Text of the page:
DOE Report on LED Lighting in a High-Temperature Environment

Editors note; although US based, these findings can be relevant for hot climates in Europe.

The U.S. Department of Energy has released a GATEWAY report on a trial demonstration in which the incumbent quartz metal halide (QMH) area lighting was replaced with LED at three pole locations along a 7.2-mile stretch of the Yuma (Arizona) Sector Border Patrol Area. This high-luminous-flux and high-temperature application is not unique, and similar applications can benefit from the findings of this installation – including correctional facilities, military bases, and, more generally, street and area lighting.

Among the findings from the Yuma demonstration:

  • The LED system was found to equal or better the QMH system in terms of both illuminance and uniformity, and confirmed SSL’s ability to reduce energy consumption and improve lighting quality.
  • Plans to incorporate a next-generation LED package in the new luminaires increased the expected energy savings to 69%.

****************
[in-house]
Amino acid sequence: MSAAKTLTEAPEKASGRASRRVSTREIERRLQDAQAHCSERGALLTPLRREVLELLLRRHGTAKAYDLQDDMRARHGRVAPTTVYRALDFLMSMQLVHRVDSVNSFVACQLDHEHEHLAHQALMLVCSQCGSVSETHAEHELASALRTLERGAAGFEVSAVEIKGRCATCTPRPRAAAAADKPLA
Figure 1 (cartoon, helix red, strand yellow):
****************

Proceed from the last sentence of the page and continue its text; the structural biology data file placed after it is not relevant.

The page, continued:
• A 24-foot reduction in pole height increased projected energy savings, due to a reduction in lumen output required at a lower height, and decreased expected annual cleaning costs, due to reduced lift and labor costs.
  • The advanced optical system of the LED luminaires improved the illuminance uniformity of the lighting system, despite the reduction in pole height.
  • The combination of the optics and lower pole height reduced stray light considerably.
  • The expected annual maintenance cost savings include considerable reductions in maintenance visits required.

DOE plans to continue to track the progress and performance of this installation over the coming months. If high-flux LED technology performs well in a region with high ambient temperature and solar radiation, it can perform well in most outdoor environments.

The full report can be downloaded from the DOE SSL website.

16 Dec